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Harry Melville Dowsett

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Harry Melville Dowsett was one of Guglielmo Marconi’s most significant engineers, having assisted him in the pioneering days of wireless as early as 1899.

1879: Born, London.

Educated at the Finsbury Technical College, where he trained as an electrical engineer.

1899: Joined the Wireless Telegraph & Signal Co. which later became Marconi’s Wireless Telegraph Co., Ltd. His first assignment with the Company was at the Poole experimental station.[1] He assisted Marconi in much early development work, including the fit out of HMS Europa for the first practical sea trials of wireless for the Royal Navy.

He was in charge of the Marconi School for Wireless Engineering at Frinton some time before it moved to the New Works in Chelmsford in 1904.

1905: Married.

Dowsett performed a tour of duty on behalf of the Company to Australia and New Zealand, visiting Christchurch with Capt. L.E. Walker in January 1906.[2]

1908: Took charge of the test rooms and the drawing office at the Marconi Works on Hall Street, Chelmsford.

1912: Chief of the testing department at the Marconi Works.

By 1928, Dowsett had become Assistant Technical General Manager at the Company.[3]

November 1931: Appointed Research Manager for the Marconi Co., an appointment that resulted in the resignation of H.J Round[4]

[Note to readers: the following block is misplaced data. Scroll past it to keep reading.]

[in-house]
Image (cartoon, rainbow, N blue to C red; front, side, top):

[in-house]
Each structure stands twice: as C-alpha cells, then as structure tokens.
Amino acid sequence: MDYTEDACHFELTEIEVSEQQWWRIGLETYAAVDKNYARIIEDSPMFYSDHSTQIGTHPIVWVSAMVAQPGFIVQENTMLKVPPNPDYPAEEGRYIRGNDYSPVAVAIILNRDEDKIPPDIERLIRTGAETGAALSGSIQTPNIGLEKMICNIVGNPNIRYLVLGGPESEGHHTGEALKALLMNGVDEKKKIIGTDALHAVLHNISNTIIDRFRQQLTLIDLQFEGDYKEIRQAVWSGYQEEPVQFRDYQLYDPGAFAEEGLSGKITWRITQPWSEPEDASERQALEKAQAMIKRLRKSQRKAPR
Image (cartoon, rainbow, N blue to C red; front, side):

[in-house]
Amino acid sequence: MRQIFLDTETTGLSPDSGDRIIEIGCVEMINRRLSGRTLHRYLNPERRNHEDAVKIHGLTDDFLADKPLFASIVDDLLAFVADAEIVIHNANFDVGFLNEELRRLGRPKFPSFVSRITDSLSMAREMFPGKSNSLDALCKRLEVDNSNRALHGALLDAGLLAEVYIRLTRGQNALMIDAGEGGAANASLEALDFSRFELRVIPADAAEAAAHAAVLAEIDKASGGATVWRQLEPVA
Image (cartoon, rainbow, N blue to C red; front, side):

During the 1930's, Dowsett filed a number of patents on behalf of his employer in the developing field of television.

August 1935: Stepped down as Research Manager, becoming Principal of the Marconi College.[5]

1939: Retired from Marconi's.

Notwithstanding his retired status, during the Second World War he undertook certain duties with the Air Ministry.

He was elected a full member of the I.E.E. in 1916. He was Fellow of the Institute of Physics (F.Inst.P.) and sometime Member of the Institute of Radio Engineers (M.I.R.E) in New York.

During his career and after, he authored a number of books: The Handbook of Technical Instruction for Wireless Telegraphists (8 editions between 1915 & 1950); Wireless Telegraphy and Telephony. First principles, present practice, and testing (1920); and Wireless telephony and broadcasting (2 vols, 1923/4). In addition, he wrote the unpublished: History of the Marconi Company, 1951, the typescript manuscript of which is now held in the Bodelian Library[6]. In addition, he contributed articles for journals such as The Wireless World and The Marconi Review.

Late in life, he published the eccentric The Structure of the Atom. A New Theory (1958), a topic he had corresponded with W.L. Bragg about as early as 1921.[7]

Died: 27th January 1964, aged 84

See Also

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Sources of Information

The Year Book of Wireless Telegraphy and Telephony, 1925

"Obituary. Electronics and Power 10(5), May 1964. p.172"

  1. Marconi, Degna. My Father, Marconi. p.52.
  2. "Evening Post, Volume LXXI, Issue 12, 15 January 1906"
  3. Baker, W.J. (1970) A History of the Marconi Company. p.198
  4. Baker, W.J. (1970) A History of the Marconi Company. p.270
  5. Baker, W.J. (1970) A History of the Marconi Company. p.273
  6. Raboy, Marc. (2016) Marconi: The Man Who Networked the World. p.818
  7. "National Archives. Letter:Lawrence Bragg to H.M. Dowsett"